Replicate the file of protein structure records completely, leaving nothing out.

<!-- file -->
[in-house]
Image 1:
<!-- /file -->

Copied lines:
[in-house]
Image 1: